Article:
The Mail looks at the case of Alliance Boots, which was bought up by a private equity firm in 2008 and shifted (at least its legal base) to a nondescript building, 94 Baarerstrasse in Zug, Switzerland. A company which had a tax bill of £89 million in the last year it was quoted on the stock exchange cut its tax bill to a tenth of that amount now – even though sales and trading profits have consistently grown. The trick it used was an abusive transfer pricing trick known as \’thin capitalisation.\’ It\’s a horrible name, but the Mail explains it very simply, and very clearly.
As part of the takeover, Alliance Boots borrowed almost £9billion from various banks. That debt incurs interest, and interest payments can be offset against profits when calculating the company’s taxable income. A higher interest bill means lower profits — and less tax to pay.\”
And of course the place where it realises those profits are in Switzerland – where the taxes on those profits are small. Very simple to understand.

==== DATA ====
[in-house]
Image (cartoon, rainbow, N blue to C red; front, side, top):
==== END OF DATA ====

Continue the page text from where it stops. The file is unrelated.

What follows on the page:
There\’s surely plenty more to the tax story than this – other jurisdictions will presumably have been involved too – but the basic point is entirely valid. This is straightforward, unadulterated, abuse: a transfer of wealth from taxpayers to extremely wealthy private equity officials.
That\’s the Tax Justice Network.
Apparently they\’re too dim to understand that while taxable profits have fallen as a result of the thin capitalisation, interest paid has necessarily risen by the same amount.
And, of course, interest is taxed when it reaches the recipient of that interest. If a company, at the same rate as corporation tax (for it will of course be corporation tax which is being paid) and if the recipient is an individual (the sort of rich individual that we might assume would be lending money to a company) at a rate higher than corporation tax.
So while Boots themselves might be handing over less tax it\’s not immediately apparent that less tax is being collected in the whole system as a result of this change to a thin capitalisation.
The move to Switzerland, one of the cornerstones of the EU being the free movement of companies around the EEA, just as with the free movement of individuals and goods, sure changed the amount of tax being collected: thin capitalisation, as I say, not proven.